To be a bit scared about financial implications of new school?

(35 Posts)
LovelyBath Fri 29-Jan-16 10:45:03

OK so it looks great, the local secondary school. However it does have very expensive trips etc. I know I should be grateful as it's a state school and has lots of opportunities etc etc. BUT I'm a bit worried about how much it's all going to cost. Apparently most of the after school clubs are free at secondary though so I suppose that's good.

To be honest some of the trips don't sound exactly necessary, but I guess if they didn't go on it they'd be well, left behind (which I suppose might be a lesson that we can't always do as we wish)

When we looked around I asked the boy showing our group around about the trips. What happens, about the trips costing a lot? He told me, well the ones who can afford it go and the others don't. I'm not sure how true this is or if there is some sort of a fund to help people.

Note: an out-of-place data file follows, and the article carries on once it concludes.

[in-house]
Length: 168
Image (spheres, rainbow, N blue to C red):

I would have thought it might be better to have some sort of fund raising for charitable type trips maybe but the ones which were described were ones like:

A trip to (somewhere hot can't remember) to go snorkelling
A ski trip to the USA which cost thousands
Geography trip to Iceland

They have trips every year apparently so you can see that with more than one child this could add up!

Any thoughts? You might think, well don't send him there but it has a great reputation and it's our local school. Other options would mean a costly bus pass, which again I'm too stingy to want to do.

balletgirlmum Fri 29-Jan-16 10:47:15

I send my children on reasonable trips eg France & Lake District etc but they won't be going on trips such as you describe not an issue at dds school but ds's private school have lots of them.

It's not an issue- loads of kids don't go.

LovelyBath Fri 29-Jan-16 10:48:20

OK thanks. A thought I had was as they get older maybe a Saturday job to help pay for the trips. Think they can't do such a job until 16 though.

Babyroobs Fri 29-Jan-16 10:50:17